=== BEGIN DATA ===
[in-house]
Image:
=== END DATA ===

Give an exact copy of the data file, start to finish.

[in-house]
Image: